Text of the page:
A blow against political dynasties

Besides opposing politicians’ penchant for shameless self-promotion using public funds, Bayan Muna’s measure is also an attack against political dynasties. The measure cites Article II Section 26 of the 1987 Constitution that states that the government has the responsibility to guarantee equal access to public service and prohibit political dynasties.

” To attain this goal of democratizing political power, the state should lessen the ability of incumbent officials to use government resources to entrench themselves and their families in power. A law defining and banning political dynasties is paramount towards this end,” it stated.

According to Colmenares, experience has proven that such a law is virtually impossible to pass in a congress dominated by political clans and dynasties.

“We’re offering a compromise measure to simply ban the naming of public properties, public services and government programs after incumbent public officials and their immediate relatives. This would, at least, put a stop to one of the most despised practices of political dynasties,” he said.

Colmenares said it was beyond argument that it is immoral and unethical for any incumbent official to name government properties, services or programs after himself /herself or his/her immediate relatives because these are financed by taxpayers’ money.

“Such an act indicates that the public official is soliciting fame and glory in order to perpetuate oneself or one’s family in power at the expense of government resources,” he said.

Penalize and disqualify ‘anti-epal’ law breakers

The “anti-epal” bill is simple and straightforward in its objectives.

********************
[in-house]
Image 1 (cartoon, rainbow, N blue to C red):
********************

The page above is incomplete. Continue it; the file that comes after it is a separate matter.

Section four of the “anti-epal” bill goes to the heart of the matter as it lays down a stern prohibition against the naming of public property and government services.

” No public property and government service situated or being implemented within a public official’s jurisdiction can be named after the latter for the duration of his / her term, nor can it be named after the said public official’s relatives of up to fourth civil degree of consanguinity. Likewise, no public property situated within a public official’s jurisdiction, can be named after the latter’s spouse nor the latter’s spouse’s relatives of up to second civil degree of consanguinity,” it states.

The legislative proposal also makes certain to include prohibiting the use of acronyms and initials. It makes note of the tactic employed by shrewd traditional politicians to print, paint or name public property or government services in such a way that the letters when italicized or capitalized make the letters stand out and correspond to the public official’s name.

There is also an absolute prohibition against any person whether natural or juridical to initiate, cause, and approve the naming of any public property or government program after public officials or their relatives within the prohibited civil degree of relationship.

Apart from fining those found guilty of violating the provisions of the “anti-epal” bill when passed into law with fines ranging from P50,000 to P70,000 ($1,100 to $1,600), elected officials will be held in temporary perpetual disqualification from holding any public office from three to six years. Repeat offenders, in the meantime, stand to be fined P100,000 to P300,000 ($2,300 to $6,900) and absolute perpetual disqualification from holding any office in the discretion of the courts. The Commission on Elections is tasked to verify the petition of any Filipino citizen of voting age seeking to deny a certificate of candidacy for any person penalized by disqualification by the “anti-epal” law. (